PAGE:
NEW YORK — At the time, Martin Torres Reyes thought he had found a path to a green card.
It was early 2015, and Torres, an undocumented immigrant from Mexico, heard about a lawyer who was promising legal permanent residency to people who had lived in the United States for 10 years and had American-born children.
Torres went to see the lawyer, Thomas T. Hecht, at his Times Square office, and for an initial fee of $750, the lawyer said he would get a work permit in six months, and then some time later, the green card.
According to a lawsuit filed late Wednesday in U.S. District Court in Manhattan, this was fraud. Hecht and his son, Leonard H. Hecht, the complaint said, tricked Reyes and at least 25 other undocumented immigrants from New York.
The plaintiffs all thought they were applying for a green card, but instead, they claimed in the suit that the lawyers filed different paperwork, for asylum, without their knowledge.
“Our community is under attack from all directions, and they know it,” Torres, 40, said in Spanish in an interview this week, referring to immigration lawyers. He paid a total of $1,100 to the Hechts in installments before leaving the firm.
The “10-year scheme,” lawyers say, is a two-step process, beginning with an asylum application. To qualify for asylum, applicants must show they were persecuted or fear persecution based on race, religion, nationality, membership in a particular social group, or political opinion in their home country. Applications must be filed within a year of arrival, with narrow exceptions.
But the plaintiffs said that neither Thomas Hecht nor Leonard Hecht, who speaks Spanish, asked them specific questions about persecution before filing asylum applications without their knowledge.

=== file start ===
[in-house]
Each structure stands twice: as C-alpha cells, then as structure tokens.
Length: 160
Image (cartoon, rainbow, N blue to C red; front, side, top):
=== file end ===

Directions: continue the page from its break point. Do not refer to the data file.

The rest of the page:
Generally, once an applicant is found not to be eligible for asylum, the case is sent to the immigration courts and the deportation process begins. A lawyer can try to get the deportation canceled based on a client’s 10-year residency and U.S. citizen children. In some cases, the applicant could be then eligible for a green card, but the bar is very high: “exceptional and extremely unusual hardship” to a U.S. citizen spouse, parent or child if he or she is deported. And even then, only 4,000 of these cases can be approved in a year.
According to federal statistics requested and compiled by the Benjamin N. Cardozo School of Law’s immigration clinic, which is a co-counsel in the suit, the Hecht firm had filed 1,039 asylum applications from November 2006 through January 2017. Cardozo said it could confirm only two asylum applications that were approved during that time. The data also shows that the Hechts had subsequently filed 188 applications for “cancellation of removal,” and that only six were listed as granted.
The 26 individuals who are plaintiffs in the suit, from Staten Island, the Bronx, Queens and Brooklyn, are now at risk of deportation, as the Trump administration has said that any immigrant living in the United States illegally is a target.
Make the Road New York, an immigrant activist group, is representing Torres, and is also a plaintiff, suing under the federal racketeering and organized crime act known as RICO. So far, the clients have paid $58,506 to the Hecht firm or to new lawyers to reverse deportation proceedings; the plaintiffs are seeking damages up to three times that amount.
The suit also named a Staten Island tax preparer, Luis Guerrero, who steered clients to the law firm, according to the complaint.
At the offices of Thomas T. Hecht, 14 floors above Times Square, his son, Leonard Hecht, 55, was shocked and distraught when confronted with the accusations in the lawsuit late Wednesday. “It’s not true,” he said firmly. “We didn’t do anything fraudulent.”